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Is a Roth IRA conversion right for you?

Cash Flow and Retirement

Deciding between a Roth IRA and a traditional IRA generally depends on whether someone is better off paying taxes now (Roth) or later (traditional). This article lists factors that suggest someone might want to convert a traditional IRA to a Roth IRA, including current income temporarily falling into a lower tax bracket.

Have you considered converting your traditional IRA into a Roth IRA? This strategy may offer several benefits, and it’s available regardless of income level. However, a Roth IRA conversion isn’t a no-brainer. Whether you’d be better off with a Roth IRA or a traditional IRA depends on your circumstances.

Tax now or tax later

Traditional IRA contributions can be deductible, but withdrawals of contributions and earnings are then taxable. Conversely, Roth IRA contributions are nondeductible, but qualified withdrawals of contributions and earnings are tax-free. As a general rule, deciding between the two depends on whether you’re better off paying taxes now (Roth) or later (traditional).

When you convert a traditional IRA into a Roth IRA, you’re immediately subject to income tax on the amount you convert that’s attributable to deductible contributions and earnings. In other words, doing a conversion means paying tax now rather than later.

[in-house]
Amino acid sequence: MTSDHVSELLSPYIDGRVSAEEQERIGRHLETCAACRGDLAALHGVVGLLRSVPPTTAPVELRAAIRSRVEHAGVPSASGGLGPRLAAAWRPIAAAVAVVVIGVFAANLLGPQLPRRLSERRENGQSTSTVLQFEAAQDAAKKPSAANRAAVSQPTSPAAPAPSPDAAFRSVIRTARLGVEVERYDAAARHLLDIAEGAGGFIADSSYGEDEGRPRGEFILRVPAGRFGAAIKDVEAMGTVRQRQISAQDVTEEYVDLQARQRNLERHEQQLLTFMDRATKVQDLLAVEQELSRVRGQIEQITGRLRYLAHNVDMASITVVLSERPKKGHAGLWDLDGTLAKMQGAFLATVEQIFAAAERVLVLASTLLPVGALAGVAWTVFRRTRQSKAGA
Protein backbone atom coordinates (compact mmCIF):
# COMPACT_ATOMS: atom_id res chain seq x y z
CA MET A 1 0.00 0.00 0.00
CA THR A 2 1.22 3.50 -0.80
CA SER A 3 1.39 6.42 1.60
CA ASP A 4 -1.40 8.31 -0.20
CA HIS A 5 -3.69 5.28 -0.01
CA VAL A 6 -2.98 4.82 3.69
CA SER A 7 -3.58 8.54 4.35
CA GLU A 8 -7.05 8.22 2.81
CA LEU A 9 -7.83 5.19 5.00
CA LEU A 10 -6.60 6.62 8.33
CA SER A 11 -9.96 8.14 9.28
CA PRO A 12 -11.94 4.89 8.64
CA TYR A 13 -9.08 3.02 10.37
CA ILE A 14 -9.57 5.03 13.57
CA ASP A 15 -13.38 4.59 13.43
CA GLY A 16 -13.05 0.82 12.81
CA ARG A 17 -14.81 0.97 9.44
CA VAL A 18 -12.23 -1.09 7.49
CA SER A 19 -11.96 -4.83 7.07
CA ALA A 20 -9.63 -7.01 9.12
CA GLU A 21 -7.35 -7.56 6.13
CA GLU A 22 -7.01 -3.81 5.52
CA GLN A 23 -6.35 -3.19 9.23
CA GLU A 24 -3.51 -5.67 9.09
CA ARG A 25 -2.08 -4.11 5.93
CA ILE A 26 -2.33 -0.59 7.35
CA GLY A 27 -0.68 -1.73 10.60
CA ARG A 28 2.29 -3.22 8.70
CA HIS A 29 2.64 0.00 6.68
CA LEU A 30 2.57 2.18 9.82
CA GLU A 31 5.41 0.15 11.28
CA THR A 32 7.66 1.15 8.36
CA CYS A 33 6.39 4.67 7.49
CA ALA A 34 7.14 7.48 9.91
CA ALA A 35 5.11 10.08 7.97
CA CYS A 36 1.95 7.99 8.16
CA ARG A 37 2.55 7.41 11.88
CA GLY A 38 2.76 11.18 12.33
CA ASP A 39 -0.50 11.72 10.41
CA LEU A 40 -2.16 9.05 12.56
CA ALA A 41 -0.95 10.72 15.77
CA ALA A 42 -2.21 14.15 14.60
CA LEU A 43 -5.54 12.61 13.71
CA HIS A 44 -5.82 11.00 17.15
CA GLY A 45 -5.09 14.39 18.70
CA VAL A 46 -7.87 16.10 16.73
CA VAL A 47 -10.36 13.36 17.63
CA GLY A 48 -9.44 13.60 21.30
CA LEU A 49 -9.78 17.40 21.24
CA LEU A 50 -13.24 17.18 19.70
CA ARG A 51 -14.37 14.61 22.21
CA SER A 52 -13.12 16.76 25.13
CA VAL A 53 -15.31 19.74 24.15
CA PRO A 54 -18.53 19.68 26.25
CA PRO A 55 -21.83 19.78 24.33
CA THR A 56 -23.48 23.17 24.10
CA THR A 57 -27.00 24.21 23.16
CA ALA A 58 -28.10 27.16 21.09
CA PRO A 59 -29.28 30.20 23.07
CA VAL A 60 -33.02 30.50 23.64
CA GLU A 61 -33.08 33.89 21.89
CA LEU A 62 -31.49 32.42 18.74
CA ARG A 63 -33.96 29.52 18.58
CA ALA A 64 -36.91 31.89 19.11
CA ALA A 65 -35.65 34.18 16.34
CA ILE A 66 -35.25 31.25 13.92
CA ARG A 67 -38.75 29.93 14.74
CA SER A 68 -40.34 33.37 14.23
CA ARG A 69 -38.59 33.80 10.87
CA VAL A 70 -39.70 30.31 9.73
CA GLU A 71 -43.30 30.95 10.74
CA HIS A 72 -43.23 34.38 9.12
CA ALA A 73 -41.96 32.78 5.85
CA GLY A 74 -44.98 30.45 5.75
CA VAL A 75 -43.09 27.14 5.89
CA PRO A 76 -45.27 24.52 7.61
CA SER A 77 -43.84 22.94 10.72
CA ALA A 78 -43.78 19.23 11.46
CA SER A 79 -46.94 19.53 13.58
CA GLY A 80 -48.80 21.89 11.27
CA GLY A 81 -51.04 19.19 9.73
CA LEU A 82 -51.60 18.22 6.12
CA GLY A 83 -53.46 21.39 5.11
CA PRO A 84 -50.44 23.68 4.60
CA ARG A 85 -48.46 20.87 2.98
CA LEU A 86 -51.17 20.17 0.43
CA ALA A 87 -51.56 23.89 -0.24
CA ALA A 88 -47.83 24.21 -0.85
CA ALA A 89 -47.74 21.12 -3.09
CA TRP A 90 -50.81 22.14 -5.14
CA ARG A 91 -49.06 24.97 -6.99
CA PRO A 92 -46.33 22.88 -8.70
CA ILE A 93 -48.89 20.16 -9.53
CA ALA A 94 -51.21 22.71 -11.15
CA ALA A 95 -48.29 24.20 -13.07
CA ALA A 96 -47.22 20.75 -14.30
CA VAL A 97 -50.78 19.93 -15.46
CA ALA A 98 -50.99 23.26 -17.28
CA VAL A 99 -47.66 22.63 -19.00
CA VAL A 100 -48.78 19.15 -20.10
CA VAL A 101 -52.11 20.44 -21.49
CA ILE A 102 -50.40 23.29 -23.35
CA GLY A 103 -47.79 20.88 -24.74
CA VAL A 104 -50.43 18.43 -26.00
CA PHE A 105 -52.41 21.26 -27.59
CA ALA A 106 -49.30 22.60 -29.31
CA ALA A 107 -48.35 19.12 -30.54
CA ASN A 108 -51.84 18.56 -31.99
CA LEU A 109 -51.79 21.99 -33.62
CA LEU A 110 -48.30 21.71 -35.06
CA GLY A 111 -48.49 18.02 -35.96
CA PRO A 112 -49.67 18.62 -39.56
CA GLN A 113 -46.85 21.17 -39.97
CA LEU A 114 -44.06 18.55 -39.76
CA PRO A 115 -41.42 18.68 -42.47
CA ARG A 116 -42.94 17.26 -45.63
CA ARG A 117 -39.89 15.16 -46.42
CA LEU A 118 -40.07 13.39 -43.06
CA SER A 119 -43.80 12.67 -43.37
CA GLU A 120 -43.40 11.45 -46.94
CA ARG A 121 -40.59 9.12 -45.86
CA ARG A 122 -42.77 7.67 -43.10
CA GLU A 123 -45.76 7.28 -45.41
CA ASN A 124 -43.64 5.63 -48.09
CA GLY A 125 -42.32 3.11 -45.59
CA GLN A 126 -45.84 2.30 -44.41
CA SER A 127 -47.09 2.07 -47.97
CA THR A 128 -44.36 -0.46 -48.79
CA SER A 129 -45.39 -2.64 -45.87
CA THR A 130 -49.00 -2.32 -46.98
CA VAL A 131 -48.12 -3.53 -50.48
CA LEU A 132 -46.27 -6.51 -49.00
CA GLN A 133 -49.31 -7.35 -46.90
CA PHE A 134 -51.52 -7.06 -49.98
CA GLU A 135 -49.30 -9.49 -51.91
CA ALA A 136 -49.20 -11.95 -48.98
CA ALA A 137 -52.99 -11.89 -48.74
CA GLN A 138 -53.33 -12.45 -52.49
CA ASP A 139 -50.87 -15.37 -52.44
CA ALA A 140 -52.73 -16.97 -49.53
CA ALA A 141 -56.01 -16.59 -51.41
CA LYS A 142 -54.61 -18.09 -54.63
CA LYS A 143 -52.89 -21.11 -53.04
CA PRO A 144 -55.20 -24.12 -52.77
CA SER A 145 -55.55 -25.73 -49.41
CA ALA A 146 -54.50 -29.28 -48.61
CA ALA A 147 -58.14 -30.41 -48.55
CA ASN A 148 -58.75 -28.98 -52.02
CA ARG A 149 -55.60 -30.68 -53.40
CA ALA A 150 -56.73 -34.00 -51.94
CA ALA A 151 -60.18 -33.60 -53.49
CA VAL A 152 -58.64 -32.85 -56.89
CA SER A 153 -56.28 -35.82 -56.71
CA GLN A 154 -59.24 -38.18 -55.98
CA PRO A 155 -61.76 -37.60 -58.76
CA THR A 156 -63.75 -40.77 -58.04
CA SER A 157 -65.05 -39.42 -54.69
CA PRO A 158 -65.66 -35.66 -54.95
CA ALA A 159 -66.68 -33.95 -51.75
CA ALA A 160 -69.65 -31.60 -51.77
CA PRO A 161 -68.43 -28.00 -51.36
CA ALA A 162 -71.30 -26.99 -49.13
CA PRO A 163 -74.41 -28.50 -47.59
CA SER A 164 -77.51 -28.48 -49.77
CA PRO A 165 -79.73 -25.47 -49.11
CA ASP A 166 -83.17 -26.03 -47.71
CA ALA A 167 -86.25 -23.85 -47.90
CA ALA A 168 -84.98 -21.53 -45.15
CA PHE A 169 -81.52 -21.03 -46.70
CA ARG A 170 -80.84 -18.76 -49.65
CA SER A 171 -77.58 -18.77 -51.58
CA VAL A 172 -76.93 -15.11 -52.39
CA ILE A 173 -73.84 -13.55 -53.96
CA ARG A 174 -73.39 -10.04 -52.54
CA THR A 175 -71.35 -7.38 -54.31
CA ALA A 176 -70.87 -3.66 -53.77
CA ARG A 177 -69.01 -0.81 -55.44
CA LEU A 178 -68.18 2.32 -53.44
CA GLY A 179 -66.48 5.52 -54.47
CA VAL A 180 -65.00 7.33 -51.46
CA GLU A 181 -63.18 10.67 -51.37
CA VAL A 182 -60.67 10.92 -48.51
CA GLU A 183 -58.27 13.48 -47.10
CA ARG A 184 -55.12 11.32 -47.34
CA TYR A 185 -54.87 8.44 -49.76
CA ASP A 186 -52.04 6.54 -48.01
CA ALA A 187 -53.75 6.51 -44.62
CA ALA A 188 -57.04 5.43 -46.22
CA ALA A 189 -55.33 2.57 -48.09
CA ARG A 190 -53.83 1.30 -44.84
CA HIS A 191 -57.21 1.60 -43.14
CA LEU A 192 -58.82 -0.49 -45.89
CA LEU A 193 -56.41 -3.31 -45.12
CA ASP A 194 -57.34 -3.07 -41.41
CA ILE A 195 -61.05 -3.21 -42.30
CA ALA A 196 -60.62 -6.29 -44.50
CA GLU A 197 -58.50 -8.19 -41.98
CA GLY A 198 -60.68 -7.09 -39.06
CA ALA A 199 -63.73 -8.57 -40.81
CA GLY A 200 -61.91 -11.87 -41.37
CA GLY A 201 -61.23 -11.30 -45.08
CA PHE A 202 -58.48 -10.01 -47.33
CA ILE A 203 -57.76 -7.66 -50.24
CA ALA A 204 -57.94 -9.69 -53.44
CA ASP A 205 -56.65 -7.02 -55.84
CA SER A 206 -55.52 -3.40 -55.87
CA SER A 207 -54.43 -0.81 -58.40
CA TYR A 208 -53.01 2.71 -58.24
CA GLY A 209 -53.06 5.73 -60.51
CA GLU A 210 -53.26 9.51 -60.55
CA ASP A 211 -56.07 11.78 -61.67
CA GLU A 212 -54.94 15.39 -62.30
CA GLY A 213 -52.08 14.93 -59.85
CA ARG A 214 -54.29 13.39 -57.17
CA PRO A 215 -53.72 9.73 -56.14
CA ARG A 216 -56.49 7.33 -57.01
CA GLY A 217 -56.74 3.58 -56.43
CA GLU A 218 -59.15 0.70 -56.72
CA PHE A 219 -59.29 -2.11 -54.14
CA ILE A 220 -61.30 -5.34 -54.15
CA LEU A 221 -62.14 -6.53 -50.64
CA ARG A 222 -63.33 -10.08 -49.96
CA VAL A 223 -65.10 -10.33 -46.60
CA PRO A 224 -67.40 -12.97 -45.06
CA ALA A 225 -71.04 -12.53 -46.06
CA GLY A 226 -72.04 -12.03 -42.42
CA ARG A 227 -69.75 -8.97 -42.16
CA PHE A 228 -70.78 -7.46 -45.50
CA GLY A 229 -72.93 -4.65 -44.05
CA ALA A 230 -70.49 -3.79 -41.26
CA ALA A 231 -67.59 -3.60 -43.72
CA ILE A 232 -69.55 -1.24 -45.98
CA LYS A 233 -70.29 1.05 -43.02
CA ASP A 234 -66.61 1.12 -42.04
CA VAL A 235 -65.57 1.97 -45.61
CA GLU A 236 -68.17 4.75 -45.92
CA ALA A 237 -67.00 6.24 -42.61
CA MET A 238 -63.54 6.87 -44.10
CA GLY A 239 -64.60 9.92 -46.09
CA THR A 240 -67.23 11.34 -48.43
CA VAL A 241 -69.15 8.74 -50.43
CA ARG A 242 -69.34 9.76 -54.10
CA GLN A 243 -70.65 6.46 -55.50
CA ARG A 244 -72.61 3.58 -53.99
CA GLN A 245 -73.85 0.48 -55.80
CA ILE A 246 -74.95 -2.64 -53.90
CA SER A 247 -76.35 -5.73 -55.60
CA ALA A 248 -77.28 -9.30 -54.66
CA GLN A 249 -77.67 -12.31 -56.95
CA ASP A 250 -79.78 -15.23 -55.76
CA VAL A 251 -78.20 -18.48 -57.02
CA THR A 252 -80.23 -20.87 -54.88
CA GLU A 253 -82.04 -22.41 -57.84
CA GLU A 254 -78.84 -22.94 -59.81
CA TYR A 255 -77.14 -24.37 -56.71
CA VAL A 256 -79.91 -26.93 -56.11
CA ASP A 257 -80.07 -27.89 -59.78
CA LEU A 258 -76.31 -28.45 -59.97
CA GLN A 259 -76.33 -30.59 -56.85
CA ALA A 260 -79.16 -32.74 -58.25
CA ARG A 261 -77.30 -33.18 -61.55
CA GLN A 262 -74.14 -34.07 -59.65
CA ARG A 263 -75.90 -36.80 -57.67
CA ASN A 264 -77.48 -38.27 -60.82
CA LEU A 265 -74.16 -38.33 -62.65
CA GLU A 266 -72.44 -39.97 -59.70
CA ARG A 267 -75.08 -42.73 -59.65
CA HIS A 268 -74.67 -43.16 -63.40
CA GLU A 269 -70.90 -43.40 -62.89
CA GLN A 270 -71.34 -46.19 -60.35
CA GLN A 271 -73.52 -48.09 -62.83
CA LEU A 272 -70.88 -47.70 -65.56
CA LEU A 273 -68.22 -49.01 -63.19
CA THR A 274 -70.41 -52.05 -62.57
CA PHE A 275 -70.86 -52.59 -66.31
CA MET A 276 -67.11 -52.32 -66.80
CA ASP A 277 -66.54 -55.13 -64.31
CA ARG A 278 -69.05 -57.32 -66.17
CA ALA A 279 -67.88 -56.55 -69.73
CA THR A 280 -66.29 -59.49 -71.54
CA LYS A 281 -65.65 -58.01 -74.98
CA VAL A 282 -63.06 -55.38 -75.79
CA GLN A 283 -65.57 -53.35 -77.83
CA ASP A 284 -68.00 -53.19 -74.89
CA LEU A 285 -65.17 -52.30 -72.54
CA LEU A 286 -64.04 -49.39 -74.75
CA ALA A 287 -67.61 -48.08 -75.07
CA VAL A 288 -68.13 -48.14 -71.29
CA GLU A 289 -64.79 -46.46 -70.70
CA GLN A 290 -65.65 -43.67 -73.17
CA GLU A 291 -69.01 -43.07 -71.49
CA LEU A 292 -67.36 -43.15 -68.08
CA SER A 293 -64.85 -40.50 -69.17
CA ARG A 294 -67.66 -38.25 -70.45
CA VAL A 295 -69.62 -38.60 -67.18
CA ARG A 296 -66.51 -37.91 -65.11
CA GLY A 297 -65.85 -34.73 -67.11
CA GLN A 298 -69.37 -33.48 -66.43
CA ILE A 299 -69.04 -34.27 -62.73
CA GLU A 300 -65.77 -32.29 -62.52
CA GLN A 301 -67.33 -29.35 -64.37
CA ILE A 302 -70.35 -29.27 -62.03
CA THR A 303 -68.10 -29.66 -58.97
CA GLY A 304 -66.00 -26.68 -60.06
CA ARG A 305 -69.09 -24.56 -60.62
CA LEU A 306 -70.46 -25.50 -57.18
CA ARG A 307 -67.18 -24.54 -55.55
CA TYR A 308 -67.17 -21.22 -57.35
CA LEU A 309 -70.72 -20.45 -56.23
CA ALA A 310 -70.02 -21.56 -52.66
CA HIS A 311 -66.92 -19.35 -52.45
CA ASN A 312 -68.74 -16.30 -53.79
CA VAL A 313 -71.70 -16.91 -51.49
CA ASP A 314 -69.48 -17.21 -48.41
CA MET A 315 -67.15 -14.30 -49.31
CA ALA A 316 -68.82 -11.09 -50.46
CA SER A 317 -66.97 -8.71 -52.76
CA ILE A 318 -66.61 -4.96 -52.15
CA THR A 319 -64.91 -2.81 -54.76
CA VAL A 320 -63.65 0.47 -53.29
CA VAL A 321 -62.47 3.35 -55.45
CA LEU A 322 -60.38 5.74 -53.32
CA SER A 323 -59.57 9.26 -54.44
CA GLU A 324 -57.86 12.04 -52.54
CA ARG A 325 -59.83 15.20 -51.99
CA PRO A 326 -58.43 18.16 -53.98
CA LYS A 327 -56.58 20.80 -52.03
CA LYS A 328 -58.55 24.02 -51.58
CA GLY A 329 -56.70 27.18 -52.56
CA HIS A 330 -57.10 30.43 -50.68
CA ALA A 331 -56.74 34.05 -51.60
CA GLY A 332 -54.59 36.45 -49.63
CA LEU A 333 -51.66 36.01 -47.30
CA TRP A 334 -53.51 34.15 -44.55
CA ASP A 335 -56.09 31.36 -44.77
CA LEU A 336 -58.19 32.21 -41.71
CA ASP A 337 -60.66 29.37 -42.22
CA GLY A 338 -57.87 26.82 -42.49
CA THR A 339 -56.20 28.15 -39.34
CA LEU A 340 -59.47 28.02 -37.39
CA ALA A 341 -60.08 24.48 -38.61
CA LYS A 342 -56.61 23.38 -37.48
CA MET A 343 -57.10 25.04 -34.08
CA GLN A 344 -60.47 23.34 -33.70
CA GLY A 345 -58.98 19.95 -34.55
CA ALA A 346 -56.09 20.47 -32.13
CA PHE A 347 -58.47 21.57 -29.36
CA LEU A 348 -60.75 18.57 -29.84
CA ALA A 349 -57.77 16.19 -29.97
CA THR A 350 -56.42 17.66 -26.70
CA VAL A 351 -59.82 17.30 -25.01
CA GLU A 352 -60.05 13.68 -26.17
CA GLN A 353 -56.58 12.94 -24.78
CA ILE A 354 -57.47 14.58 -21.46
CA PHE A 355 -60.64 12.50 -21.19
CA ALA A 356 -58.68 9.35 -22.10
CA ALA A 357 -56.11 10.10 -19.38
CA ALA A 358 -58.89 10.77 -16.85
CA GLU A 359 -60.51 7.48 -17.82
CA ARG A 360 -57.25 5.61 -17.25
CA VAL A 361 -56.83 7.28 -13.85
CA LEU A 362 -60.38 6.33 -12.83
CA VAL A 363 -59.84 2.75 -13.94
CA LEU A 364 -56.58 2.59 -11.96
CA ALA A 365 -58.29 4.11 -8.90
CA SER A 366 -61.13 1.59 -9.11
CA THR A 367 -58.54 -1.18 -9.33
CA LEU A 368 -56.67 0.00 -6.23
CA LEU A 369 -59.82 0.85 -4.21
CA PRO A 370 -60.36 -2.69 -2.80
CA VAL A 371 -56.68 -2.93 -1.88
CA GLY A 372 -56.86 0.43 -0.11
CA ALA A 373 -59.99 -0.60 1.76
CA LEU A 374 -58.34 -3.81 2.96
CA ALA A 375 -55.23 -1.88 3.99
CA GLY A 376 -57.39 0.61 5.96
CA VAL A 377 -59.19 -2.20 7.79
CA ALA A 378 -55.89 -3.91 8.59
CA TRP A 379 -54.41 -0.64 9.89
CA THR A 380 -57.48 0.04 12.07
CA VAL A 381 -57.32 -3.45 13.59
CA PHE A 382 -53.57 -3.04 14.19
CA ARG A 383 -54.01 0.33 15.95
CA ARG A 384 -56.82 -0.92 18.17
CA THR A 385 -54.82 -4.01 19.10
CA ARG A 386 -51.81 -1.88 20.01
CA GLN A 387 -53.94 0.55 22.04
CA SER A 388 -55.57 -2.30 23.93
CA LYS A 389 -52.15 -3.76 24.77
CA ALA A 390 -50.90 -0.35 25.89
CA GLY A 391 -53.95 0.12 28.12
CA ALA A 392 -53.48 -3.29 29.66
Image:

When it makes sense

A conversion might be the right choice if:

  • You expect your taxes to be higher when you withdraw funds from the IRA in retirement because, for example, you believe your income will go up or Congress will increase tax rates.
  • Your income in the current year has fallen into a lower tax bracket, providing an opportunity to do a Roth conversion at a lower tax rate.
  • You have a tax situation — such as a large net operating loss or charitable deduction — that would offset taxable income created by a conversion.
  • Asset values in your IRA are depressed — perhaps due to market volatility — reducing the tax cost of a current conversion.

Tax rates aside, there may be other reasons to pursue a Roth IRA conversion. For example, Roth IRAs aren’t currently subject to required minimum distributions (RMDs). So a conversion would give you the flexibility to allow funds to continue growing tax-free indefinitely. And from an estate planning perspective, a conversion would allow you to pay the tax now, preserving the entire account balance for your beneficiaries.

Role of QCDs

On the other hand, a traditional IRA may be preferable if you plan to make significant charitable donations. Starting at age 70½, you can make qualified charitable distributions (QCDs) of up to $100,000 per year from a traditional IRA. QCDs can be applied toward your RMDs and they’re excluded from your gross income. So they may be more valuable than ordinary charitable income tax deductions.

Ultimately, the choice will hinge on your specific circumstances. Talk to your financial advisor.